The State of Film Scoring
“Most of it isn't even about composing, most of it isn't even about music-most of it is about the needs of the picture.”
-- Dave Grusin
Dave Grusin has made no secret of his displeasure and frustration over the numerous restrictions and interventions from outside the artistic domain, as well as sometimes from within it. Indeed, the measure of successful screen music is how effective it is in supporting a film, or, as he has put it, “to be really 'good music,' it usually has to play a subservient (rather than complementary) role to the dramatic content In the film.” This can mean the editing out of important, interesting and dramatic cues
After years of putting heart and soul into an art form which is essentially a commercial product, he formed the philosophy that in cinema “music is not an art, but a craft - a craft like set building or cinematography. The art is the film. The music is really there to support the film, and not to be the element that gets the attention.” While this may be the case, after the artistic product has gone through the hands of so many non-creative people who control the purse strings, the final result may only represent a truce between creative and administrative forces.
Recalling his earlier attitude to the work, he affirms, “for a long time I would be disappointed by having things either dropped or altered or moved around where they were never intended to go.” Out of a dilemma of whether to leave scoring or not came a new viewpoint.
He explains, “finally you say, `that's what the job is.' I try to get the concept of the director, so that I'm not doing something that countermands what that attention is.” That is, of course, a very subtle and subjective matter, and he adds, “frequently, through nobody's fault, even when you're really conscientious about it, things happen that finally get down to two points of view."
All these changes in approach ironically generated some of his most artistic scores, not only that for “The Champ” in 1979, but also “The Little Drummer Girl," “The Goonies” and “Milagro Beanfield War” in the 1980s.
Citing the appearance of occasional inspirational material, he states, “once in a while, there are images that really suggest some kind of sonic response. For me, those are the best moments.” However, he finds this is not automatically the case, As he has provocatively remarked, “film and music. I don't think they have much to do with each other most of the time, except by association.”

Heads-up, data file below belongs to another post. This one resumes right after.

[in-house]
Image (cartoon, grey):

While creative highs add the most to one's work, it is unquestionable that leapfrogging technological progress (not the least of which is the ability to actually have an advance copy of a picture on cassette to work with) have done a lot to make the process flow more smoothly. Furthermore, says Dave Grusin, “recording techniques certainly are better, sound is better, digital recording for films is marvelous because you do lose enough generations by the time the picture gets to the theater with transfers and making prints, that it's great to start with as clean a sound as you can get.”
He has worked on films for all the major studios, but in the early days, was particularly enthusiastic about Universal. “There was a good reason for my coming to Universal in the first place,” he states. "That was Stanley Wilson. He was an executive who was able to bring a lot of good musicians into the studio." (Such names as Quincy Jones and Lalo Schiffrin come to mind.). "He supported them and brought some dignity and respect into the atmosphere. When he died, there was no one to carry that on.”
Such changes in the executive structure of the motion picture industry have made the scene a downhill slide for many of cinema's most creative individuals in recent years. However, despite such a climate, in the 90s, Dave Grusin managed to produce such gems as the breathtaking “Havana” score and the innovative one for “The Firm.” He has openly proffered the declaration that while occasionally, film scoring can be a "pleasurable event," in more cases, it tends to lean in the direction of drudgery.
Such a viewpoint doesn't necessarily make him the ideal recruitment officer for luring new talent into the profession, yet he is nevertheless constantly asked by aspiring young composers, just how to break into the industry. knowing no two scorers who achieved this in the exact same way, his response is often to advise getting a foot in the door at any level in a film studio, to first see how the business works overall. It may be an overly fatalistic view, but he believes the moment will come if one would "just sort of float along in some kind of passivity and try to keep working, and try to get gigs."
Certainly for the gifted artist, the appeal of working in motion pictures today starts to have les and less of a draw. In Dave Grusin's opinion, “we have become a TV/magazine society, not literature and not cinema. We're used to so much stuff happening in such a compressed time.” That this is unquestionably reflected on the screen cannot be denied, and his potential ennui with the medium does not auger well for an ever-increasing output from the composer.
As he has severely cut down the number he composed in the 90s, one never knows which score might be the last. If “Random Hearts” from 1999 is Dave Grusin's final feature, he could have gone out on nothing more creative and evocative, nearly rescuing an excellent film with problems in the process.
His most recent score, for the HBO movie “Dinner With Friends” is no less reflective. The inspiration which obviously went into its composition has to mean that grind or not, the sensitivities and flair remain at their peak.
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